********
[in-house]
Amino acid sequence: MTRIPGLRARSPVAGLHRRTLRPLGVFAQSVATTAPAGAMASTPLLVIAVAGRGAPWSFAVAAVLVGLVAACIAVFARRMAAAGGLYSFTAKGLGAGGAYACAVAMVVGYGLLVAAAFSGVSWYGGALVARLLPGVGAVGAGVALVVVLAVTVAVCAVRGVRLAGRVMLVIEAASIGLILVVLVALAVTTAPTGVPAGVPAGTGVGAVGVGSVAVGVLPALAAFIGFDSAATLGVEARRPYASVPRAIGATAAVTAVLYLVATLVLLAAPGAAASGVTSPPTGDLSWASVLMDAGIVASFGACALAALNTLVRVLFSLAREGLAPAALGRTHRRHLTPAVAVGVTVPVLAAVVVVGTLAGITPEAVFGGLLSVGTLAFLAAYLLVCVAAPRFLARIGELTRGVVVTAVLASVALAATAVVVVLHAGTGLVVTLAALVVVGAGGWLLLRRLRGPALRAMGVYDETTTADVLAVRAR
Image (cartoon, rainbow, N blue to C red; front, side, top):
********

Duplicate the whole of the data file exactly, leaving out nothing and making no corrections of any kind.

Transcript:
[in-house]
Amino acid sequence: MTRIPGLRARSPVAGLHRRTLRPLGVFAQSVATTAPAGAMASTPLLVIAVAGRGAPWSFAVAAVLVGLVAACIAVFARRMAAAGGLYSFTAKGLGAGGAYACAVAMVVGYGLLVAAAFSGVSWYGGALVARLLPGVGAVGAGVALVVVLAVTVAVCAVRGVRLAGRVMLVIEAASIGLILVVLVALAVTTAPTGVPAGVPAGTGVGAVGVGSVAVGVLPALAAFIGFDSAATLGVEARRPYASVPRAIGATAAVTAVLYLVATLVLLAAPGAAASGVTSPPTGDLSWASVLMDAGIVASFGACALAALNTLVRVLFSLAREGLAPAALGRTHRRHLTPAVAVGVTVPVLAAVVVVGTLAGITPEAVFGGLLSVGTLAFLAAYLLVCVAAPRFLARIGELTRGVVVTAVLASVALAATAVVVVLHAGTGLVVTLAALVVVGAGGWLLLRRLRGPALRAMGVYDETTTADVLAVRAR
Image (cartoon, rainbow, N blue to C red; front, side, top):